Legal activists contest Putin’s decree classifying military casualties in peacetime

Special purpose unit of the regional division of internal military forces of the Interior Ministry take maroon beret exam at the Gorny training base in the Novosibirsk Region. (RIA Novosti/Alexandr Kryazhev)
A group of lawyers specializing in freedom of information rights are asking the Supreme Court to annul the recent presidential decree classifying all casualties suffered during special operations as state secrets.

The head of the “Team 29” group, lawyer Ivan Pavlov, told Interfax that he and his colleagues consider that the president had no right to classify the casualties suffered by Russian military forces during special operations. The activists claim that the reason is purely technical - such actions are allegedly outside presidential powers.

In late May, President Vladimir Putin signed a decree making all casualties suffered by the Russian military during special operations in peacetime state secrets.

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The thing is, access to information can be limited only by a federal law and not by a decree,” Pavlov said.

Pavlov said the Supreme Court now has to register their lawsuit within the next three days and in five further days it should either officially reject it or schedule a first hearing for the case.

In earlier comments published on his Facebook page, the lawyer explained that the decree contradicts the Federal Law on State Secrets, which expressly lists all data that can be made classified, but it does not mention military casualties.

Soon after the decree was made public, Vladimir Putin’s press secretary, Dmitry Peskov, commented on it, claiming that the main objective of the document was to perfect legislation. He also denied the allegations that the decree was connected with the current crisis in Ukraine. On Tuesday, Peskov commented on the news about Team 29’s lawsuit, saying that Russian citizens had the right to contest all legal acts and the final decision would be made by the court.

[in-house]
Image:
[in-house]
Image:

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Pavlov became famous earlier this year when he headed the defense team of Svetlana Davydova, the Russian housewife who faced charges of high treason after she called the Ukrainian embassy in 2014 and shared her suspicions that the troops from the military base near her home could be deployed to the Donetsk region. In mid-March, all charges against the woman were dropped, as court experts decided that the information she delivered to the Ukrainian Embassy contained no state secrets.

Pavlov also was the head of the NGO Freedom of Information – a major group specializing in citizens’ rights. In August 2014, Russian Justice Ministry included the NGO Freedom of Information in the list of foreign agents, as it received funding from abroad and at the same time participated in political activities.